PLUSS ties up with TESSOL for Energy Storage Systems for Air-Conditioning
New Delhi, India, August 5, 2013: PLUSS Polymers, who recently raised Rs. 15 crore equity capital from Tata Capital Innovation Fund, announced its partnership with TESSOL – a Technology Based Startup. The systems on offer under this partnership are ideally suited for Commercial Offices and Shopping Complexes operational for 10 – 12 hours during the day essentially. These energy storage systems enables the building to generate and store cool energy at night and use when there is a shortage during the day.
Rajat Gupta, Director at TESSOL(Mumbai) , said, “Most of us, especially in North India know and use battery inverters to fight the frequent power outages at home. These are energy invertors for larger commercial buildings. “PLUSS Polymers and TESSOL are working to create revolutionary products using phase change materials – specially crafted materials to store energy like your inverter batteries do.”
Samit Jain, Managing Director at Pluss Polymers, said, “We are delighted at the immense opportunity that Thermal Energy Storage provides for an energy deficit country like India. The combination of R&D expertise in materials; polymers offered by PLUSS and the application development team of TESSOL will collectively allow us to roll out products besides the conventional ice storage systems that the country has seen so far. We are enabling storing of the cool energy that is freely available at night for desert regions and warm energy freely available during the day in cold regions of the country.”
One of the most widely used applications of energy storage is in comfort cooling for commercial and process cooling for industrial setups. More than half of the energy consumed in a commercial building is for air conditioning. When all these buildings start together at 9 am in the morning, it creates a huge surge in the power requirement. By seven in the evening, these building shut down and load gets back to normal. The huge demand and supply mismatch leads to a shortage during the day, while often creating surplus power at night. Therefore, there is a huge interest of the government to implement demand response schemes and implement time of day tariffs for power.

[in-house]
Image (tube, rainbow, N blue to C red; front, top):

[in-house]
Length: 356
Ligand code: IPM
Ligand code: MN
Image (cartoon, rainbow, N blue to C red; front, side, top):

These systems, on one hand enable cooling the houses and buildings without running a diesel generator when users have a power outage and on the other helps transport fruits and vegetables safely and cost effectively without spoiling them on the way. A small amount of PCM can store a lot of energy like a couple of cubes of ice can cool a full glass of water. Therefore when one has power or excess power, one can store energy in the PCM and then release it when there is a deficit.
PCM based thermal energy storage can enable to reduce the diesel generator consumption as well as take advantage of the demand response programs and differential tariffs offered by a utility. Being modular, these systems can be designed for and adapted to any size of a setup – from a few 1000 sq ft to a million sq feet office. So when there are lower tariffs, one can store energy which can be released during peak tariff hours. Another issue some people face is of limited power demand load allocated by utilities during some hours of the day – something that can be overcome to some extent using energy storage.
In a general energy ecosystem, energy storage plays a critical role of bridging the supply demand gap which is as important as energy generation. Thermal energy storage is an extremely cost effective way to provide centralized as well as distributed energy storage across the grid. In comparison to electrical storage with lithium ion batteries, the costs are almost a tenth and life greater than 10 years. “Therefore unlike several of its renewable energy peers, this technology is independently cost effective in several cases. This makes it a very attractive proposition for people to implement”, added Rajat Gupta.
“The government and policy makers need to encourage users to use Thermal Energy Storage systems and provide them adequate incentives to do so too; alternative forms besides the now promoted solar energy need to be looked at seriously”, added Samit Jain.
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